Bill C-328 (Historical)
An Act to amend the Canada Labour Code
This bill was last introduced in the 37th Parliament, 3rd Session, which ended in May 2004.
This bill was previously introduced in the 37th Parliament, 2nd Session.
Monique Guay Bloc
Introduced as a private member’s bill. (These don’t often become law.)
Introduction and First Reading
(This bill did not become law.)
Private Member's Business
April 23rd, 2009 / 6:05 p.m.
Mike Wallace Burlington, ON
Mr. Speaker, it is my pleasure today to speak to this motion.
Today the House is debating a motion tabled by my hon. colleague, proposing to make significant changes to key sections of the Canada Labour Code. This motion, if passed, will ban the right of federal employers to use replacement workers during a labour stoppage.
These proposed measures should not be treated lightly. This motion is the most recent of a series of attempts by some members of the House to try to bring wholesale changes to federal labour law in Canada without consultation or compromise.
Let me be clear. We remain firmly opposed to the motion, just as we have been opposed to similar legislation or legislative efforts introduced previously in the House. Our position is clear. We do not support the proposed amendments in Motion No. 294, and there are four compelling reasons why.
First, our modernized Canada Labour Code works well. It provides adequate protection to employees involved in a legal work stoppage.
Second, the motion, if passed, will disrupt the balance that was achieved when the Canada Labour Code was modernized back in 1999. It will leave federal employers unable to operate at minimal levels during a strike or lockout. This in turn could result in productivity losses to our national economy at a time when Canadians can least afford it.
Third, it would make labour relations more adversarial in the country. Energies and resources should be focused on solving labour relation issues in a peaceful manner. This is a situation that no one can afford to have happen during times of economic uncertainty both in Canada and around the world.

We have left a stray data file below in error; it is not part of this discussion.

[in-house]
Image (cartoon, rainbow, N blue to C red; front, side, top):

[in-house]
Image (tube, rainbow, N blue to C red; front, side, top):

Fourth, we do not see any compelling evidence to support the argument that a ban on the use of replacement workers would reduce the number or duration of work stoppages and benefit workers in a federal jurisdiction.
As I mentioned earlier, the motion is the latest in a series of similar legislative efforts. It is worth taking a moment to take note of that fact, because they share some of the common characteristics and deficiencies of previous legislative efforts over the last number of years.
Over the past two decades, the House had debated numerous private members' bills on the matter of replacement workers in the federal domain.
First, there was Bill C-201, tabled in April of 1989. Next, there was Bill C-317, tabled in June of 1995. There were two more attempts between 2002 and 2005 in the form of Bill C-328 and Bill C-263, the latter of which was defeated after second reading. Next, there was Bill C-257, tabled in May of 2006. It was also defeated on third reading. Finally, there was the predecessor to the motion before us today, which was Bill C-415. It died on the order paper at the dissolution of Parliament in September of 2008.
All these bills were defeated because a majority of members of the House recognized that what each bill proposed would be ineffective and would have negative effects on labour relations and on the economic health of Canada.
A common characteristic shared by some of the more recent legislative efforts is that they do not fully consider just how vital it is that a middle ground be maintained between unions and employers on the matter of replacement workers. They overlook what was accomplished when the Canada Labour Code was modernized in 1999. The existing replacement worker provision in section 94(2.1) of the Labour Code was the product of much consultation with stakeholders. It also provided an ever important characteristic, one that is the backbone of this country, and that is compromise.